President Bush announced this week plans for a five-year freeze on interest rates for subprime mortgages.
“We should not bail out lenders, real estate speculators or those who made the reckless decision to buy a home they knew they could never afford,” Bush said. “But there are some responsible homeowners who could avoid foreclosure with some assistance.”
Bush said 1.2 million people could be eligible for help. But only a fraction will be subject to the rate freeze. Others, he said, would get assistance in refinancing with their lenders and moving into loans secured by the Federal Housing Administration.
Dr. James Gaines, research economist with the Real Estate Center at Texas A&M University, calls the plan a noble effort to find a way to keep homeowners in their homes but says the basic premise is shaky, and the details are sketchy.

“For the most part, the homeowners and borrowers likely to benefit from the interest rate freeze are the very same people who would have the best chance of renegotiating their loans with the lender in the first place — a borrower with a relatively sound credit rating and a history of making payments who simply needs a little help to keep from going into full default,” Gaines said.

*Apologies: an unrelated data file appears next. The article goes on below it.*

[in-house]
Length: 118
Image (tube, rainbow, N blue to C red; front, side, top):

Bush’s announcement followed news from the Mortgage Bankers Association that the percentage of mortgages that started the foreclosure process during the third quarter jumped to 0.78 percent, a record high. In addition, the delinquency rate for all mortgages climbed to 5.59 percent during the third quarter, the highest since 1986.
Gaines said Texas borrowers — even subprime borrowers — are in better shape than those in the seven states dominating the delinquency and foreclosure statistics, because home prices here continue to rise, making selling or refinancing a viable alternative.

Source: Real Estate Center